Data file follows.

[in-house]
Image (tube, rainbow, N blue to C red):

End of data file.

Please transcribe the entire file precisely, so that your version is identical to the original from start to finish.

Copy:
[in-house]
Image (tube, rainbow, N blue to C red):